In the latest development, Cuomo on Monday announced the vaccine mandate for all students taking in-person fall classes at the State University of New York and City University of New York systems, pending full federal approval of the shots.

Currently, three COVID-19 vaccines have been granted emergency use authorization, which allows for distribution prior to the U.S. Food and Drug Administration finalizing a standard review. The Pfizer-BioNTech vaccine on Friday became the first to apply for the full approval, but the timeline remains unclear.

The new vaccine policy aims to build upon policies at a handful of private colleges, including Cornell University, Manhattanville College and Ithaca College, that will require students get vaccinated against COVID before retuning in the fall.

Further, new legislation seeks to require COVID-19 vaccinations for all students attending public and private colleges in New York state.

“Since 1991, New York law has required all students taking in-person classes to be immunized against measles, mumps and rubella,” state Sen. Brad Hoylman, D-Manhattan said in a statement Friday introducing the bill.

“By extending this immunization requirement to COVID-19, we will be taking action to help ensure none of our universities become COVID-19 hot spots again,” he added.

Throughout the fall and spring semesters, COVID-19 infections on college campuses prompted numerous temporary lockdowns. SUNY Oneonta sent students home for remote learning due to a largescale outbreak in the fall.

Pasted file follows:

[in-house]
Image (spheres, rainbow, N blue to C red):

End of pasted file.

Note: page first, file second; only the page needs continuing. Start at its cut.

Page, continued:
What to know about COVID, measles and vaccines

People enter the Refuah Health Center in Spring Valley Oct. 18, 2018. Amid the largest outbreak of Measles in Rockland County in the last twenty years, residents are being encouraged to check their vaccination status and get the measles vaccine in not already immune.

The most recent high-profile court cases related to vaccines in New York unfolded in 2019, as a state law ended religious exemptions for school immunizations and measles outbreaks struck Rockland County and New York City.

Sussman represented parents who successfully challenged Rockland County’s emergency deceleration that sought to bar children who are unvaccinated against measles from schools, places of worship and other public areas.

He also represented parents in a high-profile lawsuit that attempted to reinstate the religious exemptions to vaccination for students, with state and federal judges upholding the state law.

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Sussman described debate over the COVID-19 vaccines as different in part because the shots are given under emergency use authorization.

“If the vaccinations are experimental, that’s going to be the only level the court is going to have to consider,” he said, asserting other mandates upheld by courts involved fully approved vaccines.

Still, Sussman anticipates the move to bar unvaccinated students from in-person classes at public colleges and universities will draw legal challenges, even if the the vaccines are fully approved.

"The vaccination cannot be a sword that is used to exclude people from public places," he said.